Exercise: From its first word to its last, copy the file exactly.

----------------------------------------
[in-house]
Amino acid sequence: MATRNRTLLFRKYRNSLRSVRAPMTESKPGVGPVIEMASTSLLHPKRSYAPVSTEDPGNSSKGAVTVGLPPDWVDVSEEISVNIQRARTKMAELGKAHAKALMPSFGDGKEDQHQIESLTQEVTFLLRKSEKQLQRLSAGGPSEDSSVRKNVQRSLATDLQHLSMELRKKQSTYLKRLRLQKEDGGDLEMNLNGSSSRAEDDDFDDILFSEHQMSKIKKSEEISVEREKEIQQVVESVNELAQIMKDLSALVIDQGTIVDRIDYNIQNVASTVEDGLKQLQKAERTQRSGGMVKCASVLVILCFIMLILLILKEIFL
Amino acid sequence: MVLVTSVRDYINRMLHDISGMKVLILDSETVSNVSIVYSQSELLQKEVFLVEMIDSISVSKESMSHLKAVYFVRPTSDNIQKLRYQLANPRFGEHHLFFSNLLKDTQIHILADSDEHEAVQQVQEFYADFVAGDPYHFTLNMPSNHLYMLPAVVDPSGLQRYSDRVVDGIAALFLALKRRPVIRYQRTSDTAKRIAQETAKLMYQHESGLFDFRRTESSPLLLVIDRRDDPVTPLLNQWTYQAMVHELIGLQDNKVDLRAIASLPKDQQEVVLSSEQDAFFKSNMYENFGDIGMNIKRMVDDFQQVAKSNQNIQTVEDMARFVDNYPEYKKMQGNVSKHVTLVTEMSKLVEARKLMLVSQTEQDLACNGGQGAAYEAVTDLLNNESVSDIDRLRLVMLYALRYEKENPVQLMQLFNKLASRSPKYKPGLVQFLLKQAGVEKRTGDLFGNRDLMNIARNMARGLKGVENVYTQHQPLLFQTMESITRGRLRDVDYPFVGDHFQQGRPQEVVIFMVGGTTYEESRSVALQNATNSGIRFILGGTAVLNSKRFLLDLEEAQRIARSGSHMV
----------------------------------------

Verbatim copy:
[in-house]
Amino acid sequence: MATRNRTLLFRKYRNSLRSVRAPMTESKPGVGPVIEMASTSLLHPKRSYAPVSTEDPGNSSKGAVTVGLPPDWVDVSEEISVNIQRARTKMAELGKAHAKALMPSFGDGKEDQHQIESLTQEVTFLLRKSEKQLQRLSAGGPSEDSSVRKNVQRSLATDLQHLSMELRKKQSTYLKRLRLQKEDGGDLEMNLNGSSSRAEDDDFDDILFSEHQMSKIKKSEEISVEREKEIQQVVESVNELAQIMKDLSALVIDQGTIVDRIDYNIQNVASTVEDGLKQLQKAERTQRSGGMVKCASVLVILCFIMLILLILKEIFL
Amino acid sequence: MVLVTSVRDYINRMLHDISGMKVLILDSETVSNVSIVYSQSELLQKEVFLVEMIDSISVSKESMSHLKAVYFVRPTSDNIQKLRYQLANPRFGEHHLFFSNLLKDTQIHILADSDEHEAVQQVQEFYADFVAGDPYHFTLNMPSNHLYMLPAVVDPSGLQRYSDRVVDGIAALFLALKRRPVIRYQRTSDTAKRIAQETAKLMYQHESGLFDFRRTESSPLLLVIDRRDDPVTPLLNQWTYQAMVHELIGLQDNKVDLRAIASLPKDQQEVVLSSEQDAFFKSNMYENFGDIGMNIKRMVDDFQQVAKSNQNIQTVEDMARFVDNYPEYKKMQGNVSKHVTLVTEMSKLVEARKLMLVSQTEQDLACNGGQGAAYEAVTDLLNNESVSDIDRLRLVMLYALRYEKENPVQLMQLFNKLASRSPKYKPGLVQFLLKQAGVEKRTGDLFGNRDLMNIARNMARGLKGVENVYTQHQPLLFQTMESITRGRLRDVDYPFVGDHFQQGRPQEVVIFMVGGTTYEESRSVALQNATNSGIRFILGGTAVLNSKRFLLDLEEAQRIARSGSHMV